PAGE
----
GOJ Contracted Scoping Report and Review

Environmental Management Scoping Report submitted by Conrad Douglas & Associates

The Government of Jamaica is engaged in negotiations with China Harbour Engineering Company (CHEC) to establish a large transshipment port in the Portland Bight Protected Area (PBPA) in the vicinity of the Goat Islands. The GOJ contracted Conrad Douglas & Associates to carry out a scoping study to “identify the biologically sensitive features of the marine and terrestrial environment, their spatial distribution and the location of rare, threatened and endangered species in the Portland Bight and Ridge area and Goat Islands”. The study was released on October 16th, 2013. Download the Conrad Douglas Scoping Report.

Given that the scoping study will inform will inform the development of a Framework Agreement between the GOJ and CHEC (specifically preliminary designs of the project), and a decision by the Cabinet, a group of stakeholders jointly reviewed the scoping study and found it to be flawed in several respects. Download the complete REVIEW of this scoping report.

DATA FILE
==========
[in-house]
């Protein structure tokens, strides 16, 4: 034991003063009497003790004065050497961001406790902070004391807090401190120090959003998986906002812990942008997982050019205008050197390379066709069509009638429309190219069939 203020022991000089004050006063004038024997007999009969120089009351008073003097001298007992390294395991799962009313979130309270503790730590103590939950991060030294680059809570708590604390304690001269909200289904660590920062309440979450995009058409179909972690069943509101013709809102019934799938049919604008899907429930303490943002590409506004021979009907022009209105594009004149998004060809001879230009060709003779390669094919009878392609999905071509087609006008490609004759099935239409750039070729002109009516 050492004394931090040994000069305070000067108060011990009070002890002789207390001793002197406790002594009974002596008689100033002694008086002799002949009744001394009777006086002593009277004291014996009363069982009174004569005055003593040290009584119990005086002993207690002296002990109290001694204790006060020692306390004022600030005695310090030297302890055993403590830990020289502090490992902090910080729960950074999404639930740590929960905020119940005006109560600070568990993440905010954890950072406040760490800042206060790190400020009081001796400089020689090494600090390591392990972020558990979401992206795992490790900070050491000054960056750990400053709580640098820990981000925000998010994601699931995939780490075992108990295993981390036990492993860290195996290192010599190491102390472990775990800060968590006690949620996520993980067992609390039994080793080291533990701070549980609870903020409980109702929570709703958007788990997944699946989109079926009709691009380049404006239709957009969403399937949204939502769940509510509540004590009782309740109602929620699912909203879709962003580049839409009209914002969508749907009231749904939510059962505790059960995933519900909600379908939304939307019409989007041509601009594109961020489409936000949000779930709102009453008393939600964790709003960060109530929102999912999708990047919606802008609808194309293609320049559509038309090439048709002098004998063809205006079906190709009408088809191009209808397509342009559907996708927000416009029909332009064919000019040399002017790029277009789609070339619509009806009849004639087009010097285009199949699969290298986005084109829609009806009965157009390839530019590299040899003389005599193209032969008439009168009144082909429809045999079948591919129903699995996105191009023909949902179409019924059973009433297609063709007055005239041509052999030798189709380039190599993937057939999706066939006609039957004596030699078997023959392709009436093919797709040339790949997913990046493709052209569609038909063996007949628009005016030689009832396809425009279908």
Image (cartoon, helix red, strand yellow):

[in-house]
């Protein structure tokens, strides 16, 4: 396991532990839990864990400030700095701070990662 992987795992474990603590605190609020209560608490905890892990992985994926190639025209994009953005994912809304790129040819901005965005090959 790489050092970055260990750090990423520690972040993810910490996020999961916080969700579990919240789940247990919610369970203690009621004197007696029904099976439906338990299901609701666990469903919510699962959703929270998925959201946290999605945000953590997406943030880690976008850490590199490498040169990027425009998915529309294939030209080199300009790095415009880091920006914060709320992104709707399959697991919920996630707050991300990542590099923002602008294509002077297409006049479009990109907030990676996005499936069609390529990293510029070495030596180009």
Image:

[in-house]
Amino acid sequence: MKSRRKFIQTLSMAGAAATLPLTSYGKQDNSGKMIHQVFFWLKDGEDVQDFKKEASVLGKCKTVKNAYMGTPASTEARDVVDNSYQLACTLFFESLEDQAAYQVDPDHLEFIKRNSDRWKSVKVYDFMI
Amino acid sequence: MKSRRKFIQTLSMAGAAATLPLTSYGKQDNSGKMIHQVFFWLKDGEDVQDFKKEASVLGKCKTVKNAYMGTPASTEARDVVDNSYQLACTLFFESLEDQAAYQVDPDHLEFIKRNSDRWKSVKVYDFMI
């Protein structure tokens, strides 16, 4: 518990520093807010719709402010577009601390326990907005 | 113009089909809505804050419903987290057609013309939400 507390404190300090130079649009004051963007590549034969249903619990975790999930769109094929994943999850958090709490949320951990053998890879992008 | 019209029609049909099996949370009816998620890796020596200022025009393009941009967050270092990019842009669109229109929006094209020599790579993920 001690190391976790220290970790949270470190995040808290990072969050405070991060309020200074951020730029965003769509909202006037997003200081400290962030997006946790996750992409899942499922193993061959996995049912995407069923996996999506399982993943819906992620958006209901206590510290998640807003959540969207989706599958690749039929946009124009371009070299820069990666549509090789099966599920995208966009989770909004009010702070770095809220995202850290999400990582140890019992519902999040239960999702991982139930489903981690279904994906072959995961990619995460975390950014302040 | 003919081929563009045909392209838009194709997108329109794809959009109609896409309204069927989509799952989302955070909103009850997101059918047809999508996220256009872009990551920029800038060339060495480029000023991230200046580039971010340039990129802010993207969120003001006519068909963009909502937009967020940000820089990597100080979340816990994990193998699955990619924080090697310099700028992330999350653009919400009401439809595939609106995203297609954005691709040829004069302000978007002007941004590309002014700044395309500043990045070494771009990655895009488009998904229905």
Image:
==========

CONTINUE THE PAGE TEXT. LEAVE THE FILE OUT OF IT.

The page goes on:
Stakeholder reviewers revealed that the Environmental Management Scoping Report submitted by Conrad Douglas & Associates:

  • Is based on a cursory literature review, scant field observations and inadequate consultation with critical stakeholders;
  • Overstates the existing extent of industrial development in the PBPA;
  • Overstates environmental degradation of the Goat Islands from historical human activities and hence wrongly implies that the majority of the coastal environment is degraded;
  • Does not accurately list or describe the rare, threatened and endangered species and their spatial distribution in and dependence on the Portland Bight & Ridge area and the Goat Islands;
  • Concentrates too narrowly on the Goat Islands themselves, with insufficient assessment of the environmental characteristics of the adjacent coastline and mainland, the Bight as an integrated ecological system and the mainland (especially Hellshire Hills). This is especially important as many of these areas will be destroyed as part of the wider development;
  • Underestimates the number of fishers and their dependence on the PBPA for income and subsistence; and
  • Proposes mitigation measures that are not feasible.